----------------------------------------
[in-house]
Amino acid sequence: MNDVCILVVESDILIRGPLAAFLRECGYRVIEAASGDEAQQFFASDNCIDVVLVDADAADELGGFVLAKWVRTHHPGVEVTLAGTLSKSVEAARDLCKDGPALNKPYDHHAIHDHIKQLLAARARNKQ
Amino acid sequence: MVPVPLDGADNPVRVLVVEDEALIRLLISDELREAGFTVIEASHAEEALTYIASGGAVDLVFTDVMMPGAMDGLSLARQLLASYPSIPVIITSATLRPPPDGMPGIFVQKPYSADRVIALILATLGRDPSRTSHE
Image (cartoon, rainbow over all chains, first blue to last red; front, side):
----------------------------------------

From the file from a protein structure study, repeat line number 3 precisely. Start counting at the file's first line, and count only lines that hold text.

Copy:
Amino acid sequence: MVPVPLDGADNPVRVLVVEDEALIRLLISDELREAGFTVIEASHAEEALTYIASGGAVDLVFTDVMMPGAMDGLSLARQLLASYPSIPVIITSATLRPPPDGMPGIFVQKPYSADRVIALILATLGRDPSRTSHE